Initially, WSP reported four separate shootings. The agency then sent out an update saying two additional victims reported being shot at while driving. Starting at 9 p.m. Wednesday, someone shot at a driver on southbound I-5 near Southcenter and another from SR-518.

One man was rushed to the hospital, while three others were traumatized by the experience.

"Yesterday evening, we had a total of four, which is alarming," said Trooper Rick Johnson with Washington State Patrol (WSP). "We received a 911 call from, I believe, the passenger in the vehicle," Trooper Johnson said. "They were driving south on I-5 between 272nd and 320th in the Kent-Federal Way area."

WSP said a car pulled up next to them and fired one shot.

"[It] went through the driver's side window, stuck the driver in the neck," Trooper Johnson said.

The passenger in that driver's car called 911 and told WSP they saw a white man in his 30s or 40s driving alone in the car.

WSP said the witness described the car as a newer two-door blue Nissan sports car, possibly a 350Z or 370Z model. They added that the car had an aftermarket spoiler attached on the back with chrome rims.

A photo shared by Trooper Johnson clearly showed the bullet hole right through the driver's side window. That was not the last of the shootings, either.

"Got another call from an individual that said they were shot at," Trooper Johnson said.

This was the second shooting of the evening near the 200th exit on northbound I-5.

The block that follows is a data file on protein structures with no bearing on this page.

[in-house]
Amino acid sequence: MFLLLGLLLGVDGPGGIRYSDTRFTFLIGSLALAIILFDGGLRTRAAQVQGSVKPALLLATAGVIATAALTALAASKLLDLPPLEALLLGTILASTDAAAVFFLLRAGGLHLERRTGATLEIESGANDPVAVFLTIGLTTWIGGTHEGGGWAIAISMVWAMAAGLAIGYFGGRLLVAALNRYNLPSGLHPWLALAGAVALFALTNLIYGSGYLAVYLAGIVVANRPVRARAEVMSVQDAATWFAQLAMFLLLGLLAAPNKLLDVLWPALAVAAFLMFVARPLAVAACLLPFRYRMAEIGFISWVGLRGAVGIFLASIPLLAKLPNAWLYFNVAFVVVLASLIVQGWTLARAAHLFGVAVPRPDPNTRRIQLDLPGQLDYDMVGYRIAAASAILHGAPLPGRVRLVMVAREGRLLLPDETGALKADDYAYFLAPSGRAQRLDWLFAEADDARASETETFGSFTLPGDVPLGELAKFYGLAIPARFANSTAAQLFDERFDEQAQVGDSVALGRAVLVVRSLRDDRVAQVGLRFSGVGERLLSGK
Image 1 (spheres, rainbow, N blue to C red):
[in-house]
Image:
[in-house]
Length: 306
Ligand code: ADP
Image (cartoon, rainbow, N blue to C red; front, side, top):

"They described the exact same vehicle," Trooper Johnson said.

That witness also told WSP the suspect took off heading north on Interurban Avenue in the Tukwila area.

"At about 10:30 p.m. we received another call from an individual that was traveling southbound SR-167 near Ellingson, which is just north of the King County line," Trooper Johnson said.

Victims in this car told the WSP they were also shot at. Police later confirmed two bullet holes in their car.

"An individual called us, told us they were traveling behind this pick-up," Trooper Johnson said. "Thought they were possibly impaired, so they passed that vehicle. Truck started to follow them and as the truck took the exit on 320th fired a round of them."

(Washington State Patrol)

Fortunately, that fourth vehicle didn't get hit by bullets.

According to WSP, investigators believe the first two shootings were the same suspect driving the same car, based on what witnesses told them.

This brings the total number of road shootings so far in King County this year to at least 48. Last year, WSP reported the county ended 2022 with 54 road shootings.

Detectives don't know what led up to these shootings – if it was road rage-related or not. They said, however, no matter how frustrated you get while driving, never try to retaliate. You never know what someone has in their car.

"If you see or are driving behind someone who is aggressive, back off," Trooper Johnson said. "Don't teach them a lesson or flash your lights or honk. Just let them go. Call us. We get calls like this all the time. We do our best to intercept and find these vehicles, so we can address the issue."

If you were driving on either I-5 or SR-167 Wednesday night and noticed a car driving quickly or aggressively, WSP wants you to call them. The agency told FOX 13 that investigators were able to collect some evidence and local police stations are combing through surveillance video. However, they need the public's help in getting this person or people off the roads.